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Russian troops are withdrawing from around Ukraine’s second-largest city after weeks of heavy bombardment, the Ukrainian military said as the two sides engaged in a grinding battle for the country’s east.
Ukraine’s general staff said the Russians were pulling back from around the north-eastern city of Kharkiv and focusing on guarding supply routes, while launching mortar, artillery and air strikes in the eastern Donetsk region to “deplete Ukrainian forces and destroy fortifications”.
Defence minister Oleksii Reznikov said Ukraine is “entering a new – long-term – phase of the war”.
As the country’s top prosecutor put a Russian soldier on trial for war crimes, the first of dozens that could face charges, President Volodymyr Zelensky said Ukrainians were doing their “maximum” to drive out the invaders and that the outcome of the war would depend on support from Europe and other allies.
“No one today can predict how long this war will last,” he said in his nightly video address on Friday.
Russia’s offensive in Donbas, Ukraine’s eastern industrial heartland, appeared to be turning into a village-by-village, back-and-forth slog with no major breakthroughs on either side.
After failing to capture Kyiv, Ukraine’s capital, the Russian military decided to concentrate on the Donbas, but its troops have struggled to gain ground.
Mr Zelensky said Ukraine’s forces had made progress, retaking six Ukrainian towns or villages in the past day. Western officials said Ukraine had driven Russian forces back around Kharkiv, which was a key target for Moscow’s troops.
“The Russians really haven’t made much in the way of tactical gains recently,” one western official said, describing the war’s front line as “oscillating”.
“The Ukrainians continue to launch counterattacks, particularly around Kherson and Kharkiv. We expect this to settle into a long attritional battle,” the official added.
The Ukrainian military chief for the Luhansk region of Donbas said on Friday that troops had nearly full control of Rubizhne, a city with a pre-war population of around 55,000.
Fighting was fierce on the Siversky Donets River near the city of Severodonetsk, where Ukraine has launched counterattacks but failed to halt Russia’s advance, said Oleh Zhdanov, an independent Ukrainian military analyst.
“The fate of a large portion of the Ukrainian army is being decided — there are about 40,000 Ukrainian soldiers,” he said.
However, Russian forces suffered heavy losses in a Ukrainian attack that destroyed a pontoon bridge they were using to try to cross the river in Bilohorivka, Ukrainian and British officials said, in another sign of Moscow’s struggle to salvage a war gone awry.
Ukraine’s airborne command released photos and video of what it said was a damaged Russian pontoon bridge over the Siversky Donets River and at least 73 destroyed or damaged Russian military vehicles nearby.
The UK Ministry of Defence said Russia lost “significant armoured manoeuvre elements” of at least one battalion tactical group in the attack. A Russian battalion tactical group consists of about 1,000 troops.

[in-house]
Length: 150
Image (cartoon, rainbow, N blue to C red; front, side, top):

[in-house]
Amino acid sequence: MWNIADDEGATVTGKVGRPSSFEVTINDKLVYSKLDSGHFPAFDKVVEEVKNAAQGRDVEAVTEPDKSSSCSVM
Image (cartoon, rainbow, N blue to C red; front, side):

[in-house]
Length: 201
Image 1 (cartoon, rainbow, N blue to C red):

It said the risky river crossing was a sign of “the pressure the Russian commanders are under to make progress in their operations in eastern Ukraine”.
In the ruined southern port of Mariupol, Ukrainian fighters holed up in a steel plant faced continued Russian attacks on the last stronghold of resistance in the city. Sviatoslav Palamar, deputy commander of Ukraine’s Azov Regiment, said his troops will hold out “as long as they can” despite shortages of ammunition, food, water and medicine.
Ukraine’s deputy prime minister, Iryna Vereshchuk, told the country’s Suspilne news outlet that Ukrainian authorities are negotiating the evacuation of 60 severely wounded troops from the steelworks.
She said Russia had not agreed to the evacuation of all wounded fighters at the plant, who number in the hundreds.
An aide to Mariupol’s mayor said between 150,000 and 170,000 civilians remain in the city, which had a pre-war population of more than 400,000. Petro Andryushchenko said the residents were “hostages” of the occupying Russian forces, “with almost no chance to escape to Ukraine”.
In other developments, a move by Finland and potentially Sweden to join Nato was thrown into question when Turkish President Recep Tayyip Erdogan said his country is “not of a favourable opinion” towards the idea.
He accused Sweden and other Scandinavian countries of supporting Kurdish militants and others Turkey considers terrorists.
Russian President Vladimir Putin launched the war aiming to thwart Nato’s eastward advance. The invasion of Ukraine has other countries along Russia’s flank worried they could be next.
Mr Zelensky said in his video address that Ukrainians were doing everything they could to drive out the Russians, but “no one today can predict how long this war will last”.
“This will depend, unfortunately, not only on our people, who are already giving their maximum,” he said. “This will depend on our partners, on European countries, on the entire free world.”